March 26, 2011


Rushdie, Young discuss democracy, globalization

The beauty of a democracy is that it encourages healthy, civilized debate, the freedom to agree or disagree with the person across the aisle.

In that spirit, author Salman Rushdie, Emory's Distinguished Writer in Residence, and former U.N. Ambassador Andrew Young, Distinguished Scholar in Residence at Morehouse College, shared the stage on March 23 to discuss past and current freedom movements, the revival of religion in public discourse, persistent economic inequalities and the changing face of U.S. foreign policy.

Provost Earl Lewis moderated the event, held at Morehouse's Martin Luther King Jr. International Chapel. Sponsored by Emory, Morehouse and the Andrew Young Foundation, the dialogue will lead to future partnerships between the two Atlanta universities, Lewis said.  

Born in 1932 in the segregated South and raised 30 yards from the American Nazi Party's New Orleans headquarters, Young learned at an early age that discrimination was a "sickness."

"My father would say, ‘Don't get mad. Try to help them'," he remembered.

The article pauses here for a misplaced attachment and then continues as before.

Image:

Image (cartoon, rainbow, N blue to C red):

Fifteen years later, halfway across the world, Rushdie was born in Bombay as India was gaining its independence from British rule. As a child, he recalled reading early history books presenting Indian revolutionaries as villains before replacement texts depicted them as heroes.

While Mahatma Gandhi is revered as a "father figure" in India, the country's economic rise is more reflective of its first prime minister, Jawaharlal Nehru, Rushdie said.

Acknowledging the growing hostility among economically destitute youth toward authoritarian regimes, both men still expressed surprise at the revolutions sweeping Tunisia, Egypt, Bahrain, Libya and beyond.

 "The people who lose out big time are the terrorists," explained Rushdie, who was forced into hiding for a decade after the release of his controversial novel, "The Satanic Verses." "This is a secular revolution by young people who want jobs. It shows the Arab world that you don't have to be a jihadist."

Religion has informed public life from the concept of Jeffersonian democracy, to Martin Luther King Jr. relating religious elements of the U.S. Constitution to the underprivileged minority, to President Barack Obama invoking Jesus in a number of high-profile speeches, said Young, who is also a pastor.

 "You can't be elected dogcatcher in America unless you go to church on Sundays," joked Rushdie.

Added Young: "You don't have to go to church. You just have to say you go to church."

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